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Re: State freedom rankings
« Reply #11 on: July 26, 2007, 07:15:38 pm »

that is pretty funny ..... Colorado is 40 places better than Wyoming :o
I can't imagine too many people living in those states would rank them that way.

Well, probably most people in Wyoming aren't directly affected by the high mining taxes, and most of them probably don't complain about the government largesse they fund. As far as the average individual "feeling free," I'm sure Wyoming is much better than it looks on this ranking.
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"Educate your children, educate yourselves, in the love for the freedom of others, for only in this way will your own freedom not be a gratuitous gift from fate. You will be aware of its worth and will have the courage to defend it." --Joaquim Nabuco (1883), Abolitionism

GhengisConrad

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Re: State freedom rankings
« Reply #12 on: July 26, 2007, 07:30:58 pm »

My approach was to start with three broad categories: fiscal policy, economic regulation and property rights, and criminal law and personal freedoms. I weighted those three categories equally, and then weighted policies within those categories according to how important I thought they were.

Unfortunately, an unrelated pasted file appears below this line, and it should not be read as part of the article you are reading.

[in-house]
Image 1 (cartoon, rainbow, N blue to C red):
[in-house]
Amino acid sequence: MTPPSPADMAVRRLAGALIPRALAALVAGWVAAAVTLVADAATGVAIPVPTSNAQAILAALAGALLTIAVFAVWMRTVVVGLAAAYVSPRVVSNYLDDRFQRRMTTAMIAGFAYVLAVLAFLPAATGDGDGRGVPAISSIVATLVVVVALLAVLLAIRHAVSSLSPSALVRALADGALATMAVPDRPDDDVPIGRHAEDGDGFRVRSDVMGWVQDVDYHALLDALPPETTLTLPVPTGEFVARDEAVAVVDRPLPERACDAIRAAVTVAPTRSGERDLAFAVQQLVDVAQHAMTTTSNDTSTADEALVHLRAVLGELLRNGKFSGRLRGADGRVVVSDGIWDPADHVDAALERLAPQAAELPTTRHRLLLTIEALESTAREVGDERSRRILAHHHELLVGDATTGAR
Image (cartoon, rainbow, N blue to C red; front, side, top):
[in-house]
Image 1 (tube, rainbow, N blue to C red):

well theres your problem! There are five categories, but you only started and then weighted equally 3 of them! :P
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"I will not help you to pretend I have a chance. I will not help you to preserve the appearance of righteousness where rights are not recognized. I will not help you to preserve an appearance of rationality by entering a debate in which a gun is the final argument. I will not help you to pretend that you are administering justice."- Hank Rearden page 443

RidleyReport

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Re: State freedom rankings
« Reply #13 on: July 26, 2007, 10:17:56 pm »

i find it hard to believe mass. is freer than wyoming
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mattbarney

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Re: State freedom rankings
« Reply #14 on: July 26, 2007, 11:09:31 pm »

A lot of this is more art than science, but it's just kind of fun to do. :)

Jason,

I wonder if you've considered, what I would consider the most sophisticated & modern approach to measurement in social science - Rasch (Item Response Theory) - it has rigorous theoretical base for creating linear measures; and if you can create an absolute zero, make meaningful ratios (e.g. zero personal freedom).

More here

http://en.wikipedia.org/wiki/Rasch_model
http://www.winsteps.com/
http://www.rasch.org/